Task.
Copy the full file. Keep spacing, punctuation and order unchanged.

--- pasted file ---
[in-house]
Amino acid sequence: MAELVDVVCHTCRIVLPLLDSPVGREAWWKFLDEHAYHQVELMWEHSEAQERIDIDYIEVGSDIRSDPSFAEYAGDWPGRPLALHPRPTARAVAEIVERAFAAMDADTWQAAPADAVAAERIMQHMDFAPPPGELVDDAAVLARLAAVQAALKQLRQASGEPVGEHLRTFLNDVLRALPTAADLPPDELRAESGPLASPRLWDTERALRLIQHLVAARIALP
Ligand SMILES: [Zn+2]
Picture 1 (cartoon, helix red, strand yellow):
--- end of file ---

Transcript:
[in-house]
Amino acid sequence: MAELVDVVCHTCRIVLPLLDSPVGREAWWKFLDEHAYHQVELMWEHSEAQERIDIDYIEVGSDIRSDPSFAEYAGDWPGRPLALHPRPTARAVAEIVERAFAAMDADTWQAAPADAVAAERIMQHMDFAPPPGELVDDAAVLARLAAVQAALKQLRQASGEPVGEHLRTFLNDVLRALPTAADLPPDELRAESGPLASPRLWDTERALRLIQHLVAARIALP
Ligand SMILES: [Zn+2]
Picture 1 (cartoon, helix red, strand yellow):